Capitalist roader

From Wikipedia, the free encyclopedia
Jump to: navigation, search

In Maoist thought, a capitalist roader (simplified Chinese: 走资派; traditional Chinese: 走資派; pinyin: Zǒu zīpài) or (simplified Chinese: 走资本主义道路的当权派; traditional Chinese: 走資本主義道路的當權派; pinyin: Zǒu zīběn zhǔyì dàolù dídàng quánpài) is a person or group who demonstrates a marked tendency to bow to pressure from Bourgeois forces and subsequently attempts to pull the Revolution in a capitalist direction.

If allowed to do so, these forces would eventually restore the political and economic rule of capitalism; in other words, these forces would lead a society down a "capitalist road". The term first appeared in Communist Party of China literature in 1965, but the idea was initially developed by Mao Zedong in 1956-1957, against what he saw as reactionary tendencies in the party.[1]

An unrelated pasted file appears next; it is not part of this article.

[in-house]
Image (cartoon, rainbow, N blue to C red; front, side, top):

Capitalist roaders are described as representatives of the capitalist class within the Communist Party and those who attempt to restore capitalism while pretending to uphold socialism. Mao contended that Deng Xiaoping was a capitalist roader and that the Soviet Union fell to capitalist roaders from within the Communist Party after the death of Joseph Stalin.[citation needed]

A much better translation for 走資派 is 'the faction, or the group of people, who are turning towards capitalism'. Note that 走資派 can be interpreted as an abbreviation for Chinese: 走向資本主義的派別; pinyin: Zǒuxiàng zīběn zhǔyì de pàibié.

See also[edit]

References[edit]

  1. ^ Chan, S., The image of a "Capitalist Roader": Some dissident short stories in the hundred flowers period, 1979, Australian Journal of Chinese Affairs, no.2 - http://www.jstor.org/view/01567365/di980631/98p0024i/0